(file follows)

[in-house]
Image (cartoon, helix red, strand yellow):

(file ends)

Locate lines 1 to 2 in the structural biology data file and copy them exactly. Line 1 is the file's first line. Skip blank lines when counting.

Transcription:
[in-house]
Image (cartoon, helix red, strand yellow):